That’s just fine though because they’ve got Hall of Famers at short and third and an MVP candidate at second… hold on, I’m catching up on some news items. Oh. Oh no.
So the 2014 Yankee infield might be bad. How bad? Let’s look at the Steamer projections for the infielders:
1B: Mark Teixeira .247/.341/.465, 26 HR in 558 PA (2.2 WAR, not factoring in lingering wrist issue)
2B: Brian Roberts .251/.314/.379, 6 HR in 335 PA (0.7 WAR)
SS: Derek Jeter .281/.339/.376, 5 HR in 409 PA (1.3 WAR)
3B: Kelly Johnson .231/.311/.393, 15 HR in 490 PA (1.4 WAR)
UTIL: Eduardo Nunez .257/.307/.363 2 HR in 162 PA (0.1 WAR)
UTIL: Brendan Ryan .216/.284/.297 3 HR in 308 PA (0.2 WAR)
(While I don’t think WAR is a perfect metric to stand in for overall performance, I’m going to use it below since it was the only way to easily compile the infield-specific data for each team in Yankee history).
Unfortunately for the Yankees, Steamer only projects 2262 plate appearances, so they’d need another 350 PAs or so from total scrubs who were not good enough to make the above list. But save your shuddering until the end please.
Last year’s infield was also bad. In place of Teixeira, we mostly saw Lyle Overbay. Jayson Nix and Nunez took turns sucking at short and third, and when they weren’t bad enough, David Adams was there to be even worse. The 2013 infield produced 4.2 WAR, one of the worst in modern Yankee history, but not the worst thanks to Robinson Cano’s all-star season. Cano was worth 6 wins above replacement all by himself, so the rest of that collection of suck was worth -1.8 WAR.
At least the 2013 infield was not designed to be bad. The Yankees hoped for Teixeira and Cano to play their customary 150 games and for Jeter and Arod to be back on the field some time in the spring. And not the springs of 2014 and 2015. Even with performance declines and ample substitutions, that’s not a recipe for one of the worst infields in franchise history. In fact, those four guys led one of the best infields in Yankee history to the 2009 World Series title.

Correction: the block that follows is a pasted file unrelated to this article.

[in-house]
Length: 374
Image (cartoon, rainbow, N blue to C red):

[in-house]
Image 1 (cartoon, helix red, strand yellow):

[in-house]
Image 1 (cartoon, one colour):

In contrast, the Yankees stumble into 2014 with eyes wide open. This is hardly revelatory, as the infield represents approximately 50% of the lineup, but it’s hard to win with a terrible infield. It’s obvious there’s a strong correlation between infield quality and winning percentage. What we’re about to experience is rare in Yankee history.
Let’s go way back to 1925, the year Lou Gehrig replaced Wally Pipp. Gehrig at 22 was good, but the rest of his cohorts were not, and the result was one godawful infield. Like Cano in 2013, only Gehrig’s presence keeps the group in postive WAR. The Yankees won only 69 games and finished seventh. The next year they added Tony Lazzeri, won the pennant, and, seemingly, made putting together a quality infield an organizational priority.
From 1926 through 1964, the team from the Bronx became the Yankees as they are known today. Twenty six pennants in 38 years means that seeing the Yankees in the World Series was more probable than flipping a penny and seeing Lincoln’s mug. The infield was occasionally worth 20 WAR all by themselves and rarely dipped into the single digits.
The average infield during that span accounted for around 14 WAR, or almost 3.5 WAR per position. After Gehrig, the Yankees didn’t employ slugging first basemen to rack up the WAR but instead relied on depth and diverse skill sets around the horn. Casey Stengel maximized value with strategic platoons. Rolfe, Crosetti, Rizzuto, Gordon, McDougald, Skowron, Richardson, Johnson etc. Hall of Famers some, but solid and productive all.
Since 1965, the Yankees have still been the class of baseball, but the pendulum has swung back to Lincoln’s visage in the battle of probability with the Yankees only appearing in the Postseason 22 times in 48 years. The twin killings of the player draft and CBS ownership made it harder for the Yankees to stockpile the best amateur talent and increased competitve balance across the game.
The Yankees have occasionally sucked in the last 48 years, and they haven’t always put together a decent infield. And not surprisingly, there’s some overlap there. Using last year’s total as a baseline for inepitude, here are the worst infields since 1926:
1965 (77-85, 6th Place AL): 4.1 WAR
Clete Boyer flashed quality leather as always at third, and Joe Pepitone contrbuted something at first, but this was the beginning of the Horace Clark era and the rest of infield gave us a sign of the mediocrity to come. Clarke burst onto the scene with a typically forgettable performance in 51 games, but as often the case with teams of this era, he was hardly responsible for the overall suck. Phil Linz, Bobby Richardson and Tony Kubek combined to be truly awful as regular players.